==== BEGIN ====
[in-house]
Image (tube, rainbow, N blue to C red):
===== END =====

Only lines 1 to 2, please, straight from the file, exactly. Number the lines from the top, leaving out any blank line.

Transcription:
[in-house]
Image (tube, rainbow, N blue to C red):